I am using this RTC clock module (http://datasheets.maximintegrated.com/en/ds/DS3231.pdf). The DS3231 has alarm function that can be programmed twice a day. When the alarm goes off it makes the interrupt pin an open collector (according to the data sheet). The particular board I am using can be found on eBay , and here is the schematics for the board I am using https://edwardmallon.files.wordpress.com/2014/05/rtc-goodparts.jpg?w=640 as you can see, the interrupt pin "SQW" is not pulled high by default). I have already verified on a 3V circuit (with arduino) that the interrupt pin works as expected. For my use case, I am using the DS3231 from the battery Vcc , and not steady 3.3V vcc from a regulator.

What I am trying to achieve is to utilize the alarm function to drive a 9v circuit. I have a few questions:

1) My first attempt is to use the IRF9510 P channel MOSFET. The result is MOSFET is always on . Pull up 9V resistor is used at the gate. Gate-Ground voltage is 0.19v when interrupt is active low. Gate-Ground voltage is 3.5v when alarm is not triggered (interrupt is not open collector) , which explains why the MOSFET is on, but I don't understand why, as the pin should be high impedance when not active low ? (note my battery is at 8.65V, spec sheet says maximum input range to be 5V and 5V + 3.5V is 8.5V quite close to 8.65V)

2) My second attempt is to use a small 3v cr2032 battery and a P-channel MOSFET (I have also tried the same setup with a PNP transistor and that works too). The active low interrupt can drive a 2V+ signal to another N-channel MOSFET gate. (ofcourse, the common ground are established.) That N-channel MOSFET has its source connected to 9V. Setup 2) works except for the current consumption for the 3V cr2032 battery. I measure 0.11mA when the interrupt is not activated, and 0.4mA when interrupt is low. Given 200mAh typical capacity, this only amounts to approximately 1/2 a month of runtime (assuming average 0.55 mA draw) I should mention, both the MOSFET-MOSFET setup and PNP-MOSFET setup draws about the same amount of currents, (MOSFET-MOSFET is better, at 0.1mA when not activated and 0.25mA when active low)

3) for setup 2) there are only a handful of pull-up resistors and gate resistor pairs that result in a working system. I have tried many combinations and my conclusion is anything from 1k ~ 4.7k works very reliably. The current draw is a function of the resistors used but at higher resistance value, the N-channel mosfet (the second mosfet) will not turn on appropriately, why is that?

any suggestions ? thanks

  • \$\begingroup\$ When you say "drive a 9V circuit" can you be a little more explicit as to what your 9V interface needs to be? Do you need a signal that simply swings from GND to 9V and back? Or do you need this to switch on 9V to a load? Or something else? \$\endgroup\$ Dec 14 '14 at 7:11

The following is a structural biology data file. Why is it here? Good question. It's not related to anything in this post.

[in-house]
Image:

• \$\begingroup\$ According to Maxim's data sheet, INT is active low and open-drain, not active high. Also according to Maxim's data sheet, the absolute maximum Vcc/Vbat allowed is 6VDC referenced to ground, so how can you expect it to work properly when your Vbat is 8.65V? \$\endgroup\$
    – EM Fields
    Dec 14 '14 at 7:29
  • \$\begingroup\$ A really basic diagram would help. What you are doing sounds very convoluted \$\endgroup\$
    – KyranF
    Dec 14 '14 at 8:21
  • \$\begingroup\$ thanks @MichaelKaras , my wording is bad. By driving I meant to switch the 9V circuit on/off (with the MOSFET). \$\endgroup\$
    – nonokunono
    Dec 14 '14 at 17:13
  • \$\begingroup\$ thanks @EMFields I am not connecting the 9V to the Vcc of the chip. I am using the interrupt line (~INT/SQW) to the gate of a P-MOSFET. That P-MOSFET is then connected to 9V at its Source. \$\endgroup\$
    – nonokunono
    Dec 14 '14 at 17:15

I've solved problems like that in the past with a Sziklai pair. It's like a Darlington, but with two complementary transistors. In your case, use a PNP transistor with its emitter connected to the alarm chip's VCC, and the base, through a resistor, to the open drain alarm output. The collector goes to the base of an NPN transistor (again, through a bias resistor) wired as a low-side switch for your 9 volt circuit.


You could devise a scheme where you put the burden of bias for the switching circuit onto the 9V supply instead of having to introduce the coin cell. The circuit design idea below would support switching your 9V supply to a load. As shown the load could be up to ~400mA. The bias load on the 9V supply when the alarm output of the RTC is off is about 2mA with the shown component values.

enter image description here


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